MENTAL HEALTH AMERICA

Mental Health America is dedicated to promoting mental health, preventing mental and substance use conditions and achieving victory over mental illnesses and addictions through advocacy, education, research and service. Learn more at: www.mentalhealthamerica.net.

NATIONAL MENTAL HEALTH ASSOCIATION

National Mental Health Association (NMHA) NMHA is an advocacy, education, and support organization working to address the needs of people with mental health-related needs and mental illnesses. Learn more at www.nmha.org

START YOUR RECOVERY

StartYourRecovery.org provides helpful information for people who are dealing with substance use issues — and their family members, friends, and co-workers, too. There is no one-size-fits-all solution to the challenges faced by those who misuse alcohol, prescription or illegal drugs, or other substances, and SYR aims to break through the clutter to help people at any stage of recovery.  Learn more.

THE STEVE FUND

The Steve Fund is the nation’s only organization focused on supporting the mental health and emotional well-being of young people of color.  The Steve Fund works with colleges and universities, non-profits, researchers, mental health experts, families, and young people to promote programs and strategies that build understanding and assistance for the mental and emotional health of the nation’s young people of color. Learn more at www.stevefund.org.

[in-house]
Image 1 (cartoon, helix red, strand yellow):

THERAVIVE

Theravive is a network of licensed therapists and psychologists committed to helping people receive the best mental health care available.  Through building bridges with others, we continually strive to lower mental health stigma.  Learn more. 

School’s Out. Parental Burnout Isn’t Going Away

Paula M Naranjo/Parent Editor

The majority of parents “have no idea how they are going to keep their child occupied all summer.”

Credit…Kati Szilagyi
Jessica Grose

By Jessica Grose | June 23, 2020 Updated 1:16 p.m. ET

Here in New York, there are three days left in the school year. While my family limps toward the finish line — the children are taking their Zoom classes flopped on the couch, and my husband and I are exhausted by the daily meltdowns over “realistic fiction writing” and Popsicle-stick boats that won’t float — we are even more overwhelmed by what’s to come: A summer without regular professional child care or camp to occupy our 7- and 3-year-olds, while we continue to work full time.

My husband and I moved in with my parents in May, so we would have some kind of child care support. But after a month of part-time babysitting, my parents, who are in their 70s, are starting to burn out, too. While I know that we’re lucky and privileged to still have jobs, and to have healthy parents with space for us in their home, I try not to think more than a week ahead. Otherwise, I ruminate on the distinct possibility that we will continue remote learning in the fall, and then begin to despair at how unsustainable our arrangement is for the long run.

My colleague Farhad Manjoo wrote a piece about how parents were burning out in April.

person walking holding brown leather bag

Now it’s June. And the stress and exhaustion are not going away. Finding summer child-care coverage has always been difficult and expensive, making it out of reach for many families. But this summer, that juggle feels impossible.